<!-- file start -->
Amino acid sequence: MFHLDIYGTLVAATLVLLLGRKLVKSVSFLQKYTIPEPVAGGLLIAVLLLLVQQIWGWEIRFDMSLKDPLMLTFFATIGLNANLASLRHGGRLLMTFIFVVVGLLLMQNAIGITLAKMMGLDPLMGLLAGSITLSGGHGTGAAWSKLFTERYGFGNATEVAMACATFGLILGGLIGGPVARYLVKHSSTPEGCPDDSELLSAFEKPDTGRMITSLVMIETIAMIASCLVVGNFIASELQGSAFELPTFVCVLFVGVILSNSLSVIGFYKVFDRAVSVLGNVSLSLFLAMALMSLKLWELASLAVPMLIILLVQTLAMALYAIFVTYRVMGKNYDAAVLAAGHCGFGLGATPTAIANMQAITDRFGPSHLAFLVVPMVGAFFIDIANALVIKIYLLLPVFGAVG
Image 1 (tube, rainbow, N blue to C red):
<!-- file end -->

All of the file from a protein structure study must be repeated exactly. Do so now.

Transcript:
Amino acid sequence: MFHLDIYGTLVAATLVLLLGRKLVKSVSFLQKYTIPEPVAGGLLIAVLLLLVQQIWGWEIRFDMSLKDPLMLTFFATIGLNANLASLRHGGRLLMTFIFVVVGLLLMQNAIGITLAKMMGLDPLMGLLAGSITLSGGHGTGAAWSKLFTERYGFGNATEVAMACATFGLILGGLIGGPVARYLVKHSSTPEGCPDDSELLSAFEKPDTGRMITSLVMIETIAMIASCLVVGNFIASELQGSAFELPTFVCVLFVGVILSNSLSVIGFYKVFDRAVSVLGNVSLSLFLAMALMSLKLWELASLAVPMLIILLVQTLAMALYAIFVTYRVMGKNYDAAVLAAGHCGFGLGATPTAIANMQAITDRFGPSHLAFLVVPMVGAFFIDIANALVIKIYLLLPVFGAVG
Image 1 (tube, rainbow, N blue to C red):